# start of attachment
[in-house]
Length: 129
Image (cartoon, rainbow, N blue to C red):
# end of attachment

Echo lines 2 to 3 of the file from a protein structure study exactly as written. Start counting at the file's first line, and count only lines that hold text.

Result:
Length: 129
Image (cartoon, rainbow, N blue to C red):